There are many differences depending on the sort of the vehicle in which we include nanoparticles. Researches had shown that nanoparticles in mineral oil did not pass the skin, while the ones included in O/W emulsion (oil in water – usual for all the creams) did penetrate. Penetration was much higher in the area with a lot of hairs, which shows the penetration through the pores and hair glands.

The smaller the particles, the bigger the chance that they will penetrate the skin. There is a big difference between a particle that is 2nm big and particle that is 50nm big. As we mentioned before, the smaller the particles, the bigger the chance that their properties will change.

Does a regulative on cosmetic field protect us?

We’ll be honest, not really. Cosmetic producers are not obligated to tell what size of  nanoparticles are included in their products. They are obligated to write ‘’NANO’’ next to the filter that is in nano size, but whether this means particles 2nm or 100nm large no one knows, except them.

They represent a big progress in cosmetic industry

Usage of nanometer delivery vehicles is the future. Until now all the cosmetic products contained highly effective ingredients, that manufacturers bragged about. But whether this ingredient will achieve the wanted target in the skin was another thing. Only molecules smaller than 500Da can penetrate in the skin. And if we include a peptide with a molecular mass of 4000Da in our products, it will most certainly not penetrate in the skin. Nano delivery vehicles enable reducing these big molecules into smaller ones, so they can be included to the systems that will reach the target area. This delivery systems are liposomes, dendrimers, solid lipid nanoparticles,..

What is your opinion on nanoparticles in cosmetics?

Surely there was a time when you wanted a beautiful bronze skin without having to roast under the sun. Self-tanning products are a good solution. That may be because of today’s world where tanned skin represents an ideal. But is that really a healthy ideal?

Nowadays, the majority of people are already aware that UV rays are responsible for aging and increased chances for skin cancer. In some countries the sun doesn’t shine as often as for example in Barcelona. That’s why the needs of the consumers have shifted from sun creams to tanning lotions.

What determines our skin colour?

In our skin, there are 2 different types of melanin pigment: eumelanin (brown pigment) and pheomelanin (orange pigment), which are responsible for the colour of our skin.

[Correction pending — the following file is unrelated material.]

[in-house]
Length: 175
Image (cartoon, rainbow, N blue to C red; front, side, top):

What even are self-tanning products?

Self-tanning products are products that help us achieve beautiful bronze skin without sunbathing. Such products do NOT contain protection against UV rays. Keep in mind that products that provide UV protection need to be applied additionally.

In laboratory in college we made a self-tanning product (photo is posted with approval of the author)

Which active ingredients help us to achieve apparent tanned skin?

Dihydroxyacetone (DHA)

DHA is the most known active ingredient that causes skin coloration. It’s formed in our body, so therefore it is harmless. DHA is present in almost every self-tanning product on the market. It is also the only colour supplement used in self-tanning products authorized by the FDA (Food and Drug Administration).

How and when did they even realize that the DHA can work as a self-tanning ingredient?

In 1950s, at the American Paediatric Hospital. They performed an oral DHA test in children who previously had problems with proper glycogen storage (diabetes). Because some children experienced regurgitation (some medicines have been spit out), the DHA accidentally got to the surface of the skin. Where it affected the skin, the skin darkened. That is how it has been found that DHA acts as a tanning agent. By accident of course.

The first self-tanning products came to the market in 1977 (according to some data already in 1959). Since then, demands for such products have grown. The biggest problem of DHA was and still is, the unevenness of the application and the unnatural appearance of the colour, the tone is also dark orange, which is not very tasty to see.